Putin, like Trump, being pressed to take harder line abroad to shore up his own position, Piontkovsky says

Russian President Vladimir Putin greets Russian military and security services generals during a promotion ceremony at the Kremlin in Moscow (Image: Planet Pix/Rex/Shutterstock)

Russian President Vladimir Putin greets Russian military and security services generals during a promotion ceremony at the Kremlin in Moscow (Image: Planet Pix/Rex/Shutterstock) 

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Donald Trump, as the scandal about the multiple and continuing contacts between his team and Moscow grows, has come under increasing pressure from some in the US Congress to take a harder line against the Russian government in Ukraine and elsewhere than he might have preferred in order to shore up his presidency.

That is widely recognized. But Russian analyst Andrey Piontkovsky argues Vladimir Putin is now under similar pressure to take a harder line against the US from those in the Moscow elite he calls “the party of war” who are using the media to whip up anti-American sentiments and demand aggressive action.

To the extent that the commentator’s conclusions are correct, that could presage a far greater deterioration in relations between Washington and Moscow in the immediate future, a negative trend driven not by geopolitical calculations on either side but rather by the imperatives of domestic politics in both.

From the point of view of the Russian “war party,” Piontkovsky argues, Putin has been responsible for “three serious foreign policy defeats” and has landed Russia in two wars that he does not seem to have a clear way forward to get out of. That is a very dangerous situation for the leader of any authoritarian regime.

Putin’s own approach and the Russian elite political culture within which he operates requires “dynamism,” a sense that Moscow is moving forward rather than drifting. Right now, many in the Russian capital don’t have a sense that this is the case with Putin, Piontkovsky argues.

And to the extent that such feelings spread, he continues, some may begin to say to themselves and others the most dangerous line in such countries – “the tsar is not a real one,” but rather a “false” leader who must be shoved aside. To counter the growth of such attitudes, Putin will have to take action.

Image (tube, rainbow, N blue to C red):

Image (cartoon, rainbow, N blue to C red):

Unlike Trump who has to deal with a powerful Congress, Putin now has to face what for him is “a potentially more dangerous group of the dissatisfied: a party of war, which every evening on all federal television channels shows its insanity.” In the past, it was confidently assumed that Putin controlled the media; but he may have created a Frankenstein monster.

Indeed, Piontkovsky suggests, what is now happening in Russia before all our eyes is “the first not military but television coup in the history of authoritarian regimes. It is no longer the Kremlin which defines the agenda for television but television which defines the agenda for the Kremlin.”

Head of the Kremlin's RT (Russia Today) news agency Dmitry Kiselyov projecting the image of a nuclear mushroom cloud and boasting Russia's ability to turn US "into radioactive dust." RT is the Kremlin's soapbox to promote its policies, denigrate the West and propagate conspiracy theories, as well as attack the political opposition to Putin. (Image: screen capture)

Head of the Kremlin’s RT (Russia Today) news agency Dmitry Kiselyov projecting the image of a nuclear mushroom cloud and boasting Russia’s ability to turn US “into radioactive dust.” RT is the Kremlin’s soapbox to promote its policies, denigrate the West and propagate conspiracy theories, as well as attack the political opposition to Putin. (Image: screen capture)

The only way for Putin to “hold on to power for a certain time” is, the Russian commentator says, is, like the famous case of one leader of the French Revolution who said he needed to find out where the people were going, so he could get ahead of them, to take over this “media coup” by moving, at least for a time, in the direction the Moscow television suggests.

It is unlikely that the Russian media is either as independent from Putin or as powerful an influence on his behavior as the Congress is on Putin, but Piontkovsky’s words deserve attention as a reminder that the relationship between the media, which Putin has used to build power, and Putin himself is more complicated than many, including possibly him, recognize.

Three other reports this week provide related perspectives. First, Moscow journalist Arkady Babchenko argues that the simultaneous presence in office of Putin and Trump means that for the first time in history, the two countries with the most nuclear weapons are in the hands of “inadequate” people.

Second, Maxim Kalashnikov says Trump won’t so much change course on Russia – unlikely because it isn’t that important to him – but rather be forced by problems at home to hand over decision making on Moscow to the existing US foreign policy establishment, which he describes as consistently anti-Russian.

And third, Russian financial analysts reported that last month, the Kremlin cut social spending by 2.5 times while increasing military spending by six, a story that if true suggests Putin is sending a message to those who don’t think he is tough enough that he is prepared to put Russia on a war footing.


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Edited by: A. N.

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